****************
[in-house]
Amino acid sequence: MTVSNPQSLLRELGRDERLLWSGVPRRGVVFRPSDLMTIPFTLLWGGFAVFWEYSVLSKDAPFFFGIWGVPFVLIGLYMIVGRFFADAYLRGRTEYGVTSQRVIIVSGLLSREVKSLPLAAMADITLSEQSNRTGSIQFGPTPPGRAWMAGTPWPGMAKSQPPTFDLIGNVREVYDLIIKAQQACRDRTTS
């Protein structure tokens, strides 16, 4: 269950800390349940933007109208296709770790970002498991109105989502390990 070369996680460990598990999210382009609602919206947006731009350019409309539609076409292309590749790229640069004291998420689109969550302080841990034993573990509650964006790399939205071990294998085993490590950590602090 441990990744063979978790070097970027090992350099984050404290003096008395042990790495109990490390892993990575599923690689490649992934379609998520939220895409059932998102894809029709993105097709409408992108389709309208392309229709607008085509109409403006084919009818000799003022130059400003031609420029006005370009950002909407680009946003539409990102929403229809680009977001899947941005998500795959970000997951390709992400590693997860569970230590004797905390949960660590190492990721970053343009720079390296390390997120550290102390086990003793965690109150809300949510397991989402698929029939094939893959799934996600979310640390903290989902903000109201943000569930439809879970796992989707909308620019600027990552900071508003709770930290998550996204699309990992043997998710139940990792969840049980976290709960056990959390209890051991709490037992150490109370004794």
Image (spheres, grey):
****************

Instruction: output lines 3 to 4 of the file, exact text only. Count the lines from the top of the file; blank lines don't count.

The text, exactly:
């Protein structure tokens, strides 16, 4: 269950800390349940933007109208296709770790970002498991109105989502390990 070369996680460990598990999210382009609602919206947006731009350019409309539609076409292309590749790229640069004291998420689109969550302080841990034993573990509650964006790399939205071990294998085993490590950590602090 441990990744063979978790070097970027090992350099984050404290003096008395042990790495109990490390892993990575599923690689490649992934379609998520939220895409059932998102894809029709993105097709409408992108389709309208392309229709607008085509109409403006084919009818000799003022130059400003031609420029006005370009950002909407680009946003539409990102929403229809680009977001899947941005998500795959970000997951390709992400590693997860569970230590004797905390949960660590190492990721970053343009720079390296390390997120550290102390086990003793965690109150809300949510397991989402698929029939094939893959799934996600979310640390903290989902903000109201943000569930439809879970796992989707909308620019600027990552900071508003709770930290998550996204699309990992043997998710139940990792969840049980976290709960056990959390209890051991709490037992150490109370004794």
Image (spheres, grey):